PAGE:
A Life Changing Experience with IEEE
The IEEE Region 10 Student/GOLD/WIE Congress is biennial event of IEEE Region 10, which provides an opportunity for young IEEE professionals from Asia-Pacific to network with like-minded volunteers, learn from IEEE experienced volunteers and enhance their technical knowledge. The 2013 congress was hosted by the IEEE Hyderabad Section at Hyderabad, India on 11 – 14 July, focused on empowering Student, Graduates of the Last Decade (GOLD), and Women in Engineering (WIE) entities of IEEE. The Congress theme was “Empowering Women and Youth to Create a Better Tomorrow”. The Congress in itself rests upon the theme of leadership from a broader perspective and will cater to several other needs of the congress audience including Emerging Technologies, deep dive about IEEE, its structure and operations, and an amazing networking opportunity with peer volunteers from over 25 distinct nationalities and the principal entities of IEEE including WIE, Student and GOLD.
Peter Staecker, Roberto de Marca, Moshe Kam, Toshio Fukuda along with Ramakrishna, John Day, Darrel Chong, Takako Hashimoto, Lauren Hassall, Karuna Gopal and Nita Patel were present as the keynote speaker during the congress. The names mentioned were the most respectable IEEE members. The lucky Indonesian delegates to experience the whole congress came from different student branches, including Agnes from Bina Nusantara University, Fanni Irsanti from Gadjah Mada University, and Wibyan from Telkom Institute of Technology. There was one SIGHT delegate from Bandung Institute of Technology, Prof. Dr. Soegijardjo Soegijoko.
During the Ice Breaking Session
The 1st day was nothing but the day for building network. Starting from the registration and check in session, the R10 delegates had their moves already. The real networking session was the Ice Breaking Session. The committee divided us into several groups, mixed in one condition; no members with the same nationality get into one same group. They assigned us with 10 tasks, frankly to speak, 10 aimless tasks, but it was very fun and able to break the ice wall between the delegates. The tasks were such as collecting a 1999 coin, business cards, and asking for autographs. But in the end, we have no idea who is the winning team.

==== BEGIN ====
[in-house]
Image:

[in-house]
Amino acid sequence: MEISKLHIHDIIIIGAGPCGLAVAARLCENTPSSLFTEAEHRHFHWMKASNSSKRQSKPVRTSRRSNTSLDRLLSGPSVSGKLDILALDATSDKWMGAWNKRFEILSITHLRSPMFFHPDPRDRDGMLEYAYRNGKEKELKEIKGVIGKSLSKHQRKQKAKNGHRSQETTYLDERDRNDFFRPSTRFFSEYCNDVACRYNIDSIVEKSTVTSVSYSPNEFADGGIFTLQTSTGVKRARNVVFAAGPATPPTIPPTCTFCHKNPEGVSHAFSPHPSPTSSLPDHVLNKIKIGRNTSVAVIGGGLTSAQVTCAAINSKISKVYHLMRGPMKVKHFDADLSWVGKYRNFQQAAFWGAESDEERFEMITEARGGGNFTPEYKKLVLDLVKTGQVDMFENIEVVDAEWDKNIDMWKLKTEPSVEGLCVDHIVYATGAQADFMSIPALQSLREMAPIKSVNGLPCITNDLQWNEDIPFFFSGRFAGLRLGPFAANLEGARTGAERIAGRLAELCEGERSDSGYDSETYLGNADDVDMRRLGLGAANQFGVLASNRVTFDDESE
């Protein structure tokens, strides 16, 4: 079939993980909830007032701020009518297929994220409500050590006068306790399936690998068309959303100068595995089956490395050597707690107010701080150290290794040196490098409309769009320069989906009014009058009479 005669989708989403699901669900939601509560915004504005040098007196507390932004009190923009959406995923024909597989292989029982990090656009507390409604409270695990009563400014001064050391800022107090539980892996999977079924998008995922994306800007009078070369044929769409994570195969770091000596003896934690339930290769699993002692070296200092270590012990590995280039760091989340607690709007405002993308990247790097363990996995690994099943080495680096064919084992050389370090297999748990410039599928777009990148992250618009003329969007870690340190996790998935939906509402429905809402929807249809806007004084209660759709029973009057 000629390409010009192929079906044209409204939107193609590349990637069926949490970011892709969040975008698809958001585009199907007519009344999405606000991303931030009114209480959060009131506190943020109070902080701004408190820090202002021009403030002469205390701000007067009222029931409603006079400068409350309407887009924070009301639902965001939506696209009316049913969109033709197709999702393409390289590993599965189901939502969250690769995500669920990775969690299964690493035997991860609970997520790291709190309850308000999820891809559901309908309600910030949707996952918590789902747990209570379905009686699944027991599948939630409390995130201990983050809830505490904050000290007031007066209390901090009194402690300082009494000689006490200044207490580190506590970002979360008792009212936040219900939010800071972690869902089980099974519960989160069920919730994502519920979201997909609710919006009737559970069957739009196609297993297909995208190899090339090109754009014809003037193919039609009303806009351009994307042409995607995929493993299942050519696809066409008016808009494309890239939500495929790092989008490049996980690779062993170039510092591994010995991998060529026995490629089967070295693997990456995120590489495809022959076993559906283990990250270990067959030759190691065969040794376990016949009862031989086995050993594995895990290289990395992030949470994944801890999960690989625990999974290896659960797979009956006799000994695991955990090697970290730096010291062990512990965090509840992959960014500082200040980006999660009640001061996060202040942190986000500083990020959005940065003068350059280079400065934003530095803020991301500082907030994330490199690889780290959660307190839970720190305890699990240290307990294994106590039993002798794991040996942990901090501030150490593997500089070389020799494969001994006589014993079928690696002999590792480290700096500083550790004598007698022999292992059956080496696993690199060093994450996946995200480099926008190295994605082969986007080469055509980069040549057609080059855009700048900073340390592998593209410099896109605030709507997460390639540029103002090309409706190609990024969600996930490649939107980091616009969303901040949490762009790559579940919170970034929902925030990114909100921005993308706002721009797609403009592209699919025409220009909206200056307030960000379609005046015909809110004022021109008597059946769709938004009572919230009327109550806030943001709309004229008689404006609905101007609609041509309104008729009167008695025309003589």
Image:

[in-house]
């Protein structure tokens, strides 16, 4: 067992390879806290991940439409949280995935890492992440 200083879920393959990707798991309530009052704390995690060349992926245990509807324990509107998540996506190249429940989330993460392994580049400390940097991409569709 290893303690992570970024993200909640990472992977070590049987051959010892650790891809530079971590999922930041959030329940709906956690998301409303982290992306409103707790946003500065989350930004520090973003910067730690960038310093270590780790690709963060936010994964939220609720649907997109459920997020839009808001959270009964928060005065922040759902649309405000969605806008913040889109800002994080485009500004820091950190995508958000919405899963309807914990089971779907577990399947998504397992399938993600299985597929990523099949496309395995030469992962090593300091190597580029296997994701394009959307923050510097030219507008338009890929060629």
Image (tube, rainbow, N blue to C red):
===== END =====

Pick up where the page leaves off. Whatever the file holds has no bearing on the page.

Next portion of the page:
The very next session was dinner. It was our first dinner in India though. They served us with Indian traditional dishes. Since it was a buffet dinner, it makes us easier to go around and build network. The network we were building at the 1st day will determine the person who is going to stick around and share their stories until the end of the congress. Sometimes you might get the chance to know a lot people, but not everybody is going to stick around you. Some people might be not that going good with you because of some subjective and personal view along with the bad first impression, some other might be great to talk to because maybe they have something in common with you. Or maybe you just want to be friends with them because of their nationality, interests, background, and experience? That is totally fine.